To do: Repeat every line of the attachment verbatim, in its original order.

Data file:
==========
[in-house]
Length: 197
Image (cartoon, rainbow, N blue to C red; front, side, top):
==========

[in-house]
Length: 197
Image (cartoon, rainbow, N blue to C red; front, side, top):